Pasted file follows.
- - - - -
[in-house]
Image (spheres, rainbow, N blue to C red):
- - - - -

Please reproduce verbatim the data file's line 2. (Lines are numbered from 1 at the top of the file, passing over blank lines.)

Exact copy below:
Image (spheres, rainbow, N blue to C red):